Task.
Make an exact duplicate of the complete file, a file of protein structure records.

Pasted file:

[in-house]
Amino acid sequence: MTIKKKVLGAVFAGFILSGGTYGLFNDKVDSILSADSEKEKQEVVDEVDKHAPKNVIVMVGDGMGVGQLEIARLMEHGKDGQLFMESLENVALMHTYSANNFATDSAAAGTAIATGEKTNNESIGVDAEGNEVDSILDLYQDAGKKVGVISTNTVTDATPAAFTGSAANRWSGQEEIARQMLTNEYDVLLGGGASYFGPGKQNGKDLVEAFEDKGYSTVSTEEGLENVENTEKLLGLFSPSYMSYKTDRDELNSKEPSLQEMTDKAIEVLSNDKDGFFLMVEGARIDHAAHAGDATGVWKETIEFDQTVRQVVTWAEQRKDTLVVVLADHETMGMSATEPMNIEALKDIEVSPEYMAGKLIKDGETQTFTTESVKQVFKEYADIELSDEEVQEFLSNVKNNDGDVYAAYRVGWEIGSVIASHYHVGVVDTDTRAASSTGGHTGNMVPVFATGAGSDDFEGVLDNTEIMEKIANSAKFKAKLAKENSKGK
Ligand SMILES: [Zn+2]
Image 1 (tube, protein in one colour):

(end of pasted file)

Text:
[in-house]
Amino acid sequence: MTIKKKVLGAVFAGFILSGGTYGLFNDKVDSILSADSEKEKQEVVDEVDKHAPKNVIVMVGDGMGVGQLEIARLMEHGKDGQLFMESLENVALMHTYSANNFATDSAAAGTAIATGEKTNNESIGVDAEGNEVDSILDLYQDAGKKVGVISTNTVTDATPAAFTGSAANRWSGQEEIARQMLTNEYDVLLGGGASYFGPGKQNGKDLVEAFEDKGYSTVSTEEGLENVENTEKLLGLFSPSYMSYKTDRDELNSKEPSLQEMTDKAIEVLSNDKDGFFLMVEGARIDHAAHAGDATGVWKETIEFDQTVRQVVTWAEQRKDTLVVVLADHETMGMSATEPMNIEALKDIEVSPEYMAGKLIKDGETQTFTTESVKQVFKEYADIELSDEEVQEFLSNVKNNDGDVYAAYRVGWEIGSVIASHYHVGVVDTDTRAASSTGGHTGNMVPVFATGAGSDDFEGVLDNTEIMEKIANSAKFKAKLAKENSKGK
Ligand SMILES: [Zn+2]
Image 1 (tube, protein in one colour):